Trivia about the Philippine Shells


The Philippines has over 7,000 islands, and its coastline is longer than that of the United States. Being the oldest coral reef formation in the world, it is no wonder that we are very rich in marine life, especially seashells. There were so many shells new to science being discovered and named in our country in the past 25 years. Recently, there are many more under study by conchologists all over the world. We should be encouraged to move forward to further study our heritage beneath our seas.

For this first series, the following Philippine shells are featured:

On the stamps:

Chicoreus saulli– Reddish in color, it is similar to Chicoreus palmarosea. It is a deep water shell and is uncommon. It is usually 3″ to 4″ in size.

Spondylus varians – This species is known to have a salt water trapped in its valve, covered with a thin calcareous membrane. It is also called the “Water Spondylus” and comes in red, orange and yellow.

Spondylus linguaefelis – A deep-water shell known to be found only in Hawaii before. Recently, many were also discovered in the Philippines.

Melo broderipil – it ranges from 5″ to 12″ in size. Normally cream-colored, without any patterns. The soft parts are used for food in the provinces.

Chlamys sanatoria – This was a ” hard-to-find” shell many years ago. Due to its excellent taste, it is now cultured by the millions and canned for export.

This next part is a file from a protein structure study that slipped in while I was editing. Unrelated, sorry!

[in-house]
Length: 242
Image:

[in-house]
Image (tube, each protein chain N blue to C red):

Siphonofusus vicdani -This shell is about 3 1/2″ in size, and is found in the island of Balud, Davao. It was taken by tangle net at a depth of 600 feet and named in 1992. Live specimens are rare.

Epitonium scalars – This was extremely rare in the early 20th century. Collectors exchange gold and silver for it. Now, thousands are found in the muddy waters of Manila Bay.

Harpa harpa – Aso known as Harpa nobilis. The strong axial ribbing resembles a harp, so it was thus named. It is usually 2″ in size.

On the souvenir sheet:

Slilquaria arrnata – It is commonly called the “worm shell”. Sometimes they grow together and form a ball of 4″ to 6″ in diameter.

Argonauta argo – Commonly called “Paper Nautilus”. A size of 9″ or larger is rare. Normal size is about 6″. It is actually an egg casing of a female mollusk. The male with tentacles looks like an octopus or squid.

Perotrochus vicdani -This shell was discovered in 1980 in Panlao Island of Bohol, at a depth of over 600 feet. Its size is 2″ to 2 1/2″.

Corculum cardissa – Due to its shape, it is called “Heart Shell”. Pure white ones are common, although colored ones are occassionally found.

Stamps featuring the Philippine Shells

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